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Good evening, and welcome, one and all, to Monday Murder Mystery.  I am very honored to try to substitute-hostess for the brilliant and inimitable Susan from 29 this evening.  

When considering books for discussion, I contemplated a review of Gillian Flynn's two novels predating Gone Girl (compelling review by Susan from 29 here.)  I was also tempted by William Landay's Defending Jacob, a novel which has often been compared, fairly or not, with Scott Turow's contemporary classic Presumed Innocent, (1987). (If you're interested in either the early works of Gillian Flynn, or Defending Jacob, please let me know.)

How many of you have read Presumed Innocent or seen the movie?  How many have seen both?  In 1987, Turow's (an attorney, and once a prosecutor, as is his protagonist, Rozat "Rusty" Sabich) first novel was An Event. Booksellers, reviewers, and readers have have called it "the best book ever written."

Before publication, Sydney Pollack bought the movie rights for $1 million --- an amount unheard of at the time. There were ads on the sides of buses. There was the hard-working-boy-makes-good personal story of the attorney-author writing his first novel over seven years, every morning from 4:00 A.M. to 7:00 A.M. before he went to work in a downtown Chicago law firm.

There was the hype, and there was the book itself --- a legal thriller, a story of lust, murder, marriage and political corruption set in an invented Chicago-like place called Kindle County. Among the twists in the story: The county prosecutor, Rusty Sabich, is the one charged with the murder of his colleague-lover.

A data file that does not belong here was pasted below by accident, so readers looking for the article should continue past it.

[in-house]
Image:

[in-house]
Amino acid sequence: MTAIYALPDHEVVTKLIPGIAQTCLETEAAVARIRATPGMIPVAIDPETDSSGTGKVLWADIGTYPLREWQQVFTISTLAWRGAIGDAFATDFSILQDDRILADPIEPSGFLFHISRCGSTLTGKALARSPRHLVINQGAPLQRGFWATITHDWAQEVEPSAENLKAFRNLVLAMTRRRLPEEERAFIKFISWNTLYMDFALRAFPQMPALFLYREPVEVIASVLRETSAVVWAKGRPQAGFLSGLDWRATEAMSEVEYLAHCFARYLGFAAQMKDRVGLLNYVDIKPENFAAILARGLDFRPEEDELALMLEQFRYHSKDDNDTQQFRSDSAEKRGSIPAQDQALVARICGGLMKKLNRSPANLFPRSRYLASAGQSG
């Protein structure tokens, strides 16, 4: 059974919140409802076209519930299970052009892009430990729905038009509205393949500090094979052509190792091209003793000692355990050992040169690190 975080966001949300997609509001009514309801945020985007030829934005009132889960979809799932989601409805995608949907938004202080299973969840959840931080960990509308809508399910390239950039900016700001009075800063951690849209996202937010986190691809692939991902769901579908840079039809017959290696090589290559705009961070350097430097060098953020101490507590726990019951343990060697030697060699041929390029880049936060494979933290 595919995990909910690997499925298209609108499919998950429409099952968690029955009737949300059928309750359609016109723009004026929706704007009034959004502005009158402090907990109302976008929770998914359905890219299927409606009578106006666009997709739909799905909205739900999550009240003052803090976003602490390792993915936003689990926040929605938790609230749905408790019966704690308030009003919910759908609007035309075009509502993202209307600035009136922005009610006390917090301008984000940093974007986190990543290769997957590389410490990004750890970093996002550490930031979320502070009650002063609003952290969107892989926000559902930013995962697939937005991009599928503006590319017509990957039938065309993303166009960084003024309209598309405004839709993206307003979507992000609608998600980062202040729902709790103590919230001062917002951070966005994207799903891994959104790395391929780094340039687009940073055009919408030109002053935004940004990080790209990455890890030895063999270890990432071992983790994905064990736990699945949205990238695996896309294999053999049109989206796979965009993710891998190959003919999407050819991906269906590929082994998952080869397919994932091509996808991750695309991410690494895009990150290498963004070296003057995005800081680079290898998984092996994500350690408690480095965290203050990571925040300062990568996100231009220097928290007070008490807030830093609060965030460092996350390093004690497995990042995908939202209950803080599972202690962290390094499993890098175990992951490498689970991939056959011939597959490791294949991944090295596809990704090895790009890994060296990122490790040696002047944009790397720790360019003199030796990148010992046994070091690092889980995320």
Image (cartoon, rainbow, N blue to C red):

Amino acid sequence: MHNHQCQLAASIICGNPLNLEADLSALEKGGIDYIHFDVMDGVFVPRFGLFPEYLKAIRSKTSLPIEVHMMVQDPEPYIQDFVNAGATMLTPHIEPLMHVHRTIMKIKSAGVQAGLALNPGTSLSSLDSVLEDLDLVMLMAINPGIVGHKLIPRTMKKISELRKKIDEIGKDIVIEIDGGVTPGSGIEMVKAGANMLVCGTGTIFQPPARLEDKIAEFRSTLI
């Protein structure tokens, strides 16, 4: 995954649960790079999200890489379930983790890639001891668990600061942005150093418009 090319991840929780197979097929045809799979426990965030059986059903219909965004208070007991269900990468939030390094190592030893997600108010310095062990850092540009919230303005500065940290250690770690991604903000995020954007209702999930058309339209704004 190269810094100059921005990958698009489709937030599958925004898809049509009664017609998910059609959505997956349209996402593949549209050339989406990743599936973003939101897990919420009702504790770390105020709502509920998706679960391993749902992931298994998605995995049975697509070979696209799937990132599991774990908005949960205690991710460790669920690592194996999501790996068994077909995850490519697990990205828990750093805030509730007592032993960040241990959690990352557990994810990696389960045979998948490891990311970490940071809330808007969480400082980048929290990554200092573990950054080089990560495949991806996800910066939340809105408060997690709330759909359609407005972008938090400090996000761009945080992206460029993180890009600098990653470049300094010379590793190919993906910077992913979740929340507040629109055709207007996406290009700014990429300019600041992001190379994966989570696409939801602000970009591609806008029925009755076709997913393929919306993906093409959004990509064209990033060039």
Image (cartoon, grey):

As mystery buffs, most of us appreciate the exquisitely-turned phrase, but in a murder mystery, ingenuity is the higher prize: Exactly how the murderer got in and out of the locked room and hid the mechanics of the deed from you, me and all but the most shrewd of detectives.

The great pleasure of reading Scott Turow is that he is both a superlative writer and an expert craftsman. Turow is what is known in the trade as a "litigator" – a lawyer who plans and executes a court room battle, inventing strategies like a Commander in the War Room. He describes himself as a classic workaholic, which might explain how he is able to write complex novels whilst working full-time in a demanding job. Clearly, there is cross-pollination: he admits to the benefits of legal training to the budding writer, and the parallels between the stories that are told to readers and juries alike.

Opening Statement
I was about 7 years old when Presumed Innocent was published, the only child of an attorney, from a family of attorneys, but I never entertained any notion of studying law or becoming a lawyer, or por Dios, a prosecutor's intern, until a few years ago. Even so, lines from Turow's first chapter pop into my head ev-er-y time, amigos, even to this day.

This is how I always start.

"I am the prosecutor.  

I represent the state.  I am here to present to you the evidence of a crime.  Together, you will weigh this evidence.  You will deliberate upon it.  You will decide if it proves the defendant's guilt.

This man--."  And here I point.

You must always point, Rusty, I was told by John White.  That was the day I started in office.  The sheriff took my fingerprints, the chief judge swore me in, and John White brought me up to watch the first jury trial I'd ever seen.  John, in in his generous, avuncular way, with the humid scent of alcohol on his breath at ten in the morning, whispered my initial lesson.  He was the chief deputy P.A. then.  It was almost a dozen years ago, long before I had formed even the most secret ambition to hold John's job myself.

If you don't have the courage to point, John White whispered, you can't expect them to have the courage to convict.

And so, I point.  I extend my hand across the courtroom.  I hold one finger straight. I seek the defendant's eye. I say:

"This man has been accused."  

He turns away. Or blinks.  Or shows nothing at all.

Discovery
"What? Wait a sec, Avila. Don't we all have a right to be 'presumed innocent'?  Isn't that a Constitutional right?"